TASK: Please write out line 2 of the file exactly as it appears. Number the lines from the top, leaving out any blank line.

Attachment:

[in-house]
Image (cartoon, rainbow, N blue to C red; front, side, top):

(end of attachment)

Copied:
Image (cartoon, rainbow, N blue to C red; front, side, top):